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American Politics 10100 Name:

Final Review Spring 2009

The final will be given Tuesday, May 19th,


6:00-8:15pm in Harris 12.

Structure: The exam will consist of twenty-five multiple choice questions worth two points
each, four concepts to define worth five points each, and three short answer questions worth ten
points each. The multiple-choice section will be based on the same terms as the concept section.
The three short answer questions will be chosen (by me) from the list of five questions below.
The exam is based upon the readings listed from March 3rd – May 5th.

Multiple Choice: The first section of the exam will be twenty-five multiple choice questions,
each worth two points (50pt total). The questions will be based on this list of terms.
Majoritarianism Principle of proportionality
Plurality vote Race-conscious districting
Number of Electors in Electoral College American exceptionalism
Dissent Content neutral restriction
Content based restriction Viewpoint neutral
Civil liberty Civil rights
Sins of the “other” (4) Social Gospel
Public forum doctrine Associations
Nineteenth Amendment Franchise
Suffrage Prospective voting
Retrospective voting Advertising
Credit claiming Position taking

Know the details (main question(s) brought before the Court, how the judges voted, main
point(s) of the majority opinion, main point(s) of the dissenting opinion) for the following cases:
Grutter v. Bollinger, Roe v. Wade, and Planned Parenthood of South Eastern PA v. Casey.

Know whether the following cases fall under the category of deferential or activist in the
decisions made by the Supreme Court: McCulloch v. Maryland, the Slaughter House Cases,
Munn v. Illinois, Dred Scott v. Sandford, Pollack v. Farmers’ Loan & Trust Co., Lochner v. New
York Brandenburg v. Ohio, and Reynolds v. Sims.

Concept Definitions: You will have four concepts to define (2-4 complete sentences per
question/20pt total). The four concepts will be taken from the above list.
Model Concept with Answer:
Democracy: Democracy has taken on many different meanings. However, democracy
must include citizen participation in the political system on a regular basis, through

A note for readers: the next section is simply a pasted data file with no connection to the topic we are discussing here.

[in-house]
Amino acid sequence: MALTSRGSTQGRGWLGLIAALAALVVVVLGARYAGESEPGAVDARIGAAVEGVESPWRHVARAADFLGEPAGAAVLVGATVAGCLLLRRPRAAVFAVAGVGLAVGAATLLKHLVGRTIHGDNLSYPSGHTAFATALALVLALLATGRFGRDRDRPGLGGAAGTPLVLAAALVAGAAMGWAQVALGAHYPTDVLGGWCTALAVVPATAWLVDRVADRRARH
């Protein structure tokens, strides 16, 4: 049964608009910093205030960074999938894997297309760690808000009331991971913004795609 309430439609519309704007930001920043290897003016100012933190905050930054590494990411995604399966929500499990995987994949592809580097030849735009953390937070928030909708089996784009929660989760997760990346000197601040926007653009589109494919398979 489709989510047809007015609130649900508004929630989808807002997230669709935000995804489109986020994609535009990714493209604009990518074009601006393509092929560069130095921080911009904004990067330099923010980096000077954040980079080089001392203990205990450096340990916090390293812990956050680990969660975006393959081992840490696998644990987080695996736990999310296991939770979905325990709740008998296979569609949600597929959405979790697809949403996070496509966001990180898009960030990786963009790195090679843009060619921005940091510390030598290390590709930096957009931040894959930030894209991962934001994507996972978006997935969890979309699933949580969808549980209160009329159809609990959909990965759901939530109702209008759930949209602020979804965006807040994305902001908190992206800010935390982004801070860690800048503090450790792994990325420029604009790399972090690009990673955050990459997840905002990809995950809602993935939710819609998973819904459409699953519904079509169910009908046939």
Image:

elections and other means.
Short Answer Questions: You will have to answer three short answer questions (5-7 complete
sentences per question/30pt total). The three questions will be taken from the list below. You do
not have a choice in the questions you answer, so prepare all of them!

1. How was American foreign policy during the Cold War a catalyst for change in the Civil
Rights movement at home?

2. What are some of the critiques of the Electoral College? What are some of the arguments
against changing it?

3. According to Amenta and Skocpol, what factors can affect public policy formation? Pick two
factors and give examples of how they have changed public policy (you may choose
examples from any of our course readings).

4. Tocqueville fears the “tyranny of the majority” in the United States. How does he define this
tyranny? Give an example from American politics that is an example of tyranny of the
majority at work.

5. The 2008 Presidential Election showed us how political behavior in American politics can
change quickly. Pick two aspects of American political behavior; describe how they were
characterized pre-2008 by political scientists, and explain how they changed in the 2008
election (you may select aspects from any of the course readings).

Tips for the Final


As noted on the syllabus under Course Responsibilities, you are required to complete the
examinations. The exam is based on lectures, assigned readings, and in-class discussions.

NO MAKEUP FINALS will be administered. If you fail to take the final, there are no makeup
opportunities. Please note the time that the exam begins (6:00pm). There will be no extra time
given for students who arrive late.

For the Concept Definition and Short Answer sections, you MUST answer in complete
sentences. If you do not, you will automatically lose points. A complete sentence has a subject
and verb.

Prepare all parts of the exam! Do not try to guess which questions I will ask as your study
strategy. It is a waste of time, especially when your time would be better spent actually studying.

Give yourself plenty of time to review and study. Cramming the night before is the best way to
be ill-prepared and tired the day of the exam. Don’t overwhelm yourself with studying
everything all at once; break the review sheet into manageable parts.